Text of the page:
By Marco Siler-Gonzales and KR Nava
The parents of Alex Nieto finally had their day in federal court for their son, a City College student who was shot and killed by San Francisco Police officers in Bernal Heights Park nearly two years ago.
On the opening day of the trial on March 1, Judge Magistrate Nathanael M. Cousins whittled a juror pool of 30 down to eight. Five women and three men, none Black or Latino, will decide whether Nieto’s civil rights were abused and if Nieto’s family deserves monetary reparation for his death.
Nieto’s family lawyer, civil rights attorney Adante Pointer, is pressing civil rights charges against the City and County of San Francisco for the killing of Alex Nieto by police on March 21, 2014. The four officers—Lt. Jason Sawyer and Officers Roger Morse, Richard Schiff and Nathan Chew, are all charged with excessive force, violation of Nieto’s civil rights and wrongful death under California law.
At 7:11 p.m., a passerby called the police after seeing Nieto in the park acting strangely—and believed his holstered Taser was a gun. Upon approach, dispatch alerted the officers that a Latino male, wearing red, was seen with a gun atop Bernal Heights Park.
The defense, led by Deputy City Attorney Margaret Baumgartner, alleged justification for the officer’s decision to draw their sidearms and fire upon Nieto.
Lt. Sawyer and Officer Schiff arrived at the gated entrance of Bernal Hill, drove over the curb and continued up the hill where they saw Nieto 70 to 100 yards away.
Upon Sawyer’s instruction, Schiff continued driving until the cruiser was about 30 yards from Nieto. At this point, both officers testified they had not yet seen Nieto draw a weapon or make any erratic movements.
Rather than calling out to Nieto verbally, turning on his police lights or using the loudspeaker installed in his vehicle, Schiff got out of the car, drew his gun and called out, “Show me your hands.”
Schiff began to call out the same phrase again, but alleged he was interrupted by Nieto shouting back, “No, show me your hands.”
Schiff said both of Nieto’s hands were then raised at chest level in what he called a “blade, or fighting, stance.”
Schiff described Nieto as having reached down to his waist, where his holster was, pulled out his Taser—which Schiff claimed he believed was a firearm due to the weapon’s red laser light—and “punched out” his hands forward. Schiff then opened fire.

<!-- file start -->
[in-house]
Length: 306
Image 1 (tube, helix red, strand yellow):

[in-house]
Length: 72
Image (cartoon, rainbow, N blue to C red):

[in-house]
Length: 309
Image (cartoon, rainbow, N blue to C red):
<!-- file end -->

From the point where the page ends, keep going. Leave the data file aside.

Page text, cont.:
“You believed (Nieto’s Taser) was being fired?” Pointer asked.
“Yes,” Schiff said, then admitted that he had not seen the weapon recoil, emit smoke, release a muzzle flash or shoot prongs—nor had he heard any bullets making contact with the glass or metal of the police car behind which Schiff and Sawyer were firing.
After firing 59 shots, they approached Nieto’s body and realized the weapon was an electric stun gun, which is considered a non-lethal gun.
“The officers kept firing because the man kept aiming at them,” Baumgartner said. “These officers did what they were trained to do.”
Both Schiff and Sawyer claimed, as per police code, that each and every bullet was justified.
Yet the prosecution’s examination of seasoned veteran Sawyer and rookie officer Schiff exposed holes in their justifications for what happened.
Both Schiff and Sawyer testified that once they opened fire, at least one of them continued shooting Nieto even after he fell to the ground.
The officers fired ceaselessly because they believed Nieto continued to pose a threat, according to Schiff.
Nearby, a home security system recorded the sound of the shooting and includes a seven-second pause between a first round of shots and a second, longer round, wrote investigative reporters at 48 Hills.
Asked if there was ever a pause in the barrage of bullets, Sawyer said, “I don’t remember that happening.”
This raises questions as to why the officers would stop shooting, why they continued and why both Schiff and Sawyer failed to remember such an important detail.
Other conflicting information arose during the day’s examinations. Part of Schiff’s rationale for engaging Nieto in fire was how he perceived Nieto’s demeanor as Nieto approached the officers.
“He approached ‘purposefully,’” Schiff said, leading to a discussion over what exactly that meant.
Schiff elaborated by describing Nieto’s gait as “close to marching,” standing up and simulating Nieto’s walk by pumping his hands back and forth. The prosecution made sure to note that prior to March 2, in both his official report and his deposition, Schiff had never described Nieto’s movements this way.